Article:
D&G’s Hot Date With Metrosexuality

D&G are cun­ning bas­tards. No won­der they are now a World Power.

No other fash­ion brand bet­ter under­stands the nature of 21st Century desire, where it lives, what it looks like, what it looks good in –and where it’s tak­ing us in the back of a taxi on Saturday night.

This ad for D&G jew­el­ery, cur­rently air­ing in heavy rota­tion on TV and in cinemas across Europe (and caus­ing a bar­rage of com­plaints in some), is dev­il­ishly clever, on so many dif­fer­ent levels — and dev­il­ishly dis­turb­ing. Like a kinky lover, it toys with your expect­a­tions and then, right at the end, when you think you know what it’s about, you slowly real­ise that yes, it’s kind of about that, but actu­ally it’s much more about some­thing else.  Something even more sali­ent and unset­tling.   Something in fact bey­ond sexu­al­ity.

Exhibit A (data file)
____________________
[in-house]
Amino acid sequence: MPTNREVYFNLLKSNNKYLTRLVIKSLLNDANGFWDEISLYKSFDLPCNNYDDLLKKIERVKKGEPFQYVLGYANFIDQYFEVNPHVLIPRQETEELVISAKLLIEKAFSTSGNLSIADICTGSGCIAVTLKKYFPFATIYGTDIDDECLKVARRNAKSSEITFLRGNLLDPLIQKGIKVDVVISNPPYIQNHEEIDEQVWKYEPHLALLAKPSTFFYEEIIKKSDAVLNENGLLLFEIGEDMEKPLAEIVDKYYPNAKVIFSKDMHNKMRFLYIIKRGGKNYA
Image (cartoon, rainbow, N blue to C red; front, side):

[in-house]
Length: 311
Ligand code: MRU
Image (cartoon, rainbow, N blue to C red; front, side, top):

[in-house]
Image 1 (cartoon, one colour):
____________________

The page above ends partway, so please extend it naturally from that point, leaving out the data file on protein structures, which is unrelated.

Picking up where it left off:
And strangely hotter.

And if you prefer to focus on the dark-haired lad(s) pouty, sulky lips :

In the midst of this bling­ing self-love-fest, I can’t help but quote (no gag reflex) from my own dev­il­isly clever, diabol­ic­ally proph­etic, 2002 essay ‘Meet the met­ro­sexual’:

The typ­ical met­ro­sexual is a young man with money to spend, liv­ing in or within easy reach of a met­ro­polis — because that’s where all the best shops, clubs, gyms and hairdress­ers are. He might be offi­cially gay, straight or bisexual, but this is utterly imma­ter­ial because he has clearly taken him­self as his own love object and pleas­ure as his sexual pref­er­ence. Particular pro­fes­sions, such as mod­el­ling, wait­ing tables, media, pop music and, nowadays, sport, seem to attract them but, truth be told, like male van­ity products and herpes, they’re pretty much everywhere.“‘

I think I should give myself a high-fashion snog.

Oh, I already have.